headline press information

Date 2nd April 2013 / www.procarton.com
Title Structures that pay dividends
Text Structural design is not only useful for the presentation of premium products. It can improve both the usability of the packaging as well as its sustainability. ”Consumers are grateful when they see that someone has taken their needs seriously“, says Olaf Barski of Barski Design. Pro Carton interviewed him. For download in print quality, please click on the photo.

Where is your focus in terms of packaging design?
In principle we are product designers. We are interested in three-dimensional things, that is where we are at home. Our main focus is on consumers, we are interested in what a product or a packaging can do for the customer. At the same time we try to ensure that the technical production of complex packaging stays as simple as possible.


Our top priority is usability, which is becoming more important than ever. Consumers are getting older and more demanding. Our solutions need to provide an enthusiastic response at first sight, ideally so that one can immediately recognise their use for other purposes as well. But above all, the user should immediately and intuitively recognise how the packaging works and how to handle it. Of course branding is important, but we believe that the brand really comes into its own if the packaging works well.


In other words, you offer your customers solid advice?
Yes, our customers often come to us with a task and simply say: “Do something with it.” For example, a pharmaceutical product needs to be protected against leaking in the refrigerator and still look attractive. We then tinker around for quite a while till we find the right solution. But later this pays handsome dividends in terms of sales.


Or take our solution for the anti-wrinkle serum by Viscontour. Underneath the blue lid of the carton there is a small stage for the products which are tightly packed. That means that women with long fingernails can still remove the product easily as the rows are at different heights. This packaging is used daily and advertises the product for a whole month in the bath room.


So ease-of-use and perfect presentation go hand in hand.
Exactly. Of course, this depends entirely on the product. Our solution for the Fürstenberg Collection protects the porcelain with a simple outer carton, the inside offers a representative solution which looks good, both in the shop window or under the Christmas tree. With two flanking panels which endow the twin set with stability and allow room for graphic design.


But there is also another side to this topic: the shelf heights in stores which often differ considerably. It is amazing that even large companies sometimes do not know how their packaging can be arranged on the shelf. We have often conducted extensive research on how to use the different shelf heights optimally while at the same time presenting the products of our customers in an attractive manner. That, too, pays dividends.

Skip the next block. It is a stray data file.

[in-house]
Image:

And how about sustainability?
It’s quite simple really: that is the future. We believe that only those companies with 100 % transparency in sustainable behaviour will be successful in the long-term. This is why we have great sympathy for cartonboard. To start with, it is delivered flat, which is a major benefit in terms of logistics. Secondly, it is easy to dispose of and can be recycled completely. And the options of exterior packaging design of cartonboard, looked at from the silhouette angle, are by far not exhausted.


Structural design can add to sustainability in three major areas: cost-effectiveness, multi-functionality and as a substitute for other packaging materials. Cost-effectiveness is self-explanatory: we are talking economies in materials. As we think in structural terms, we can always include production in our thinking and know exactly where less material fully meets the same needs. We love discovering the limits of doability.


Multi-functionality means solving as many tasks as possible with a single solution. For example, we designed a carton for Villeroy & Boch which fits ten different tea pots. If the marketing departments in large companies worked together one could even design one packaging system for the various products. At present we often see different products from the same company in slightly varied packaging – with intelligent design one could reduce the effort required considerably. Using a single punch mould we could produce the packaging for three or four different products just by folding the cartonboard differently.


The role of cartonboard as a substitute for other packaging materials is another exciting field for the future: it is increasingly becoming a sign of poor taste if the consumer opens a carton only to find it filled with styrofoam inserts. With conceptual ideas we can substitute this use with cartonboard. And the consumer immediately knows: I can dispose of this packaging easily while at the same time doing something positive for the environment without having to think twice about it. And that is something consumers appreciate.



Villeroy & Boch
Villeroy & Boch.






Suzanne McEwen +43 1 218 6918 mcewen@procarton.com
Background Pro Carton is the European Association of Carton and Cartonboard manufacturers. Its main purpose is to promote the use of cartons and cartonboard to brand owners, the trade as well as designers, the media and politicians as an economically and ecologically balanced packaging medium.